In many countries around the world, November 11 marks a day of commemorating the fallen soldiers who died in the first world war and subsequent wars that followed.
On Monday, Nov. 11, 1918 at 11 a.m. the Treaty of Versailles was signed, bringing an end to World War I, the five year long war that killed millions of people.
In 1919, Armistice Day was observed throughout the British Commonwealth to commemorate the day the treaty was signed. In its early years, the day was observed on the Monday on the week of which November 11 fell.
In 1931, Alan Neill, a member of parliament for Comox-Alberni, B.C. introduced a bill to tie Armistice Day to November 11, which was passed by the House of Commons. The bill also changed the name to “Remembrance Day.”
From November 11, 1931 on Remembrance Day has been what we know it to be today.
Danny Martin, the Director of Corporate Services for the Royal Canadian Legion, and a military veteran, said Remembrance Day means everything to him.
He explained that in 1936, the Canadian National Vimy Memorial was built in France. This was the year that the Royal Canadian Legion first adopted a National Silver Cross Mother. This is a symbol of personal loss and sacrifice on behalf of widows and mothers who lost a child on active duty or because of duty.
In 1939, the National War Memorial was unveiled in Ottawa, continuing the commemoration of our veterans. From then on, Martin said, the format of the Remembrance Day occasion has remained the same.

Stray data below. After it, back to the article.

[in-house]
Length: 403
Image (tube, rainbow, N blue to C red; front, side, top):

Remembrance Day means a lot of things for many people. Anne Cottrell grew up hearing stories from most of the men in her life, as well as her aunts.
Cottrell was born in 1945 in Northampton, England to Alfred James Brett and Sylvia Ellen Davies. Her parents met in 1939, at holiday camp on the Isle of Wight. Her father had already enlisted in the Navy and was gone a week later. After many years of back and forth letters, the two got married in 1942, before he was off again.
In early 1945 Brett returned home and nine months later, Patricia Anne Brett was born. (She now goes by Anne Cottrell.) Her father was in Korea when she was born and returned when she was around 18 months old.
Cottrell’s father was posted in Korea, South East Asia, Australia and did peacekeeping throughout the world. He had come home at some point and in 1952 her brother Richard was born, again without her father present.
Cottrell recalled a day when she was sitting in her family living room at home, now aged five or six, when a taxi pulled up. Her dad jumped out and she rushed to the door to see him. He had just come back from Japan and brought with him small wind-up toys, that she says she was “too busy playing with” to acknowledge her father.
At the height of his career, Cottrell’s father was a Chief Petty Officer. “Not a big thing, none of my family reached high status but they did their part,” she said. In 1955, her father decided to leave the Navy. As a trained marine engineer, he came to work on the River Thames.
Cottrell started by sharing stories of her father, but two other very important men in her life were part of the Great War that came before. Both her maternal and paternal grand fathers fought in the trenches for the Allied Powers.
When the U.K. entered the First World War on August 4, 1919, Cottrell’s grandfathers went with them. This was also when Canada joined the war as a British Dominion.
Both of her grandfathers eventually died of lung cancer, from all the fumes they took in when at war. Her maternal grandfather is the only one she got to spend time with. The story she shared below includes a photograph of her great grandfather (top left), her paternal grandfather (top right) and her maternal grandfather (bottom left) of who the story is based on.
To Cottrell, and to many veterans like Martin – Remembrance Day is a day for remembering all of the sacrifices that were made. It is a day of remembering what their lives were like before the war, their families and loved ones and everything in between.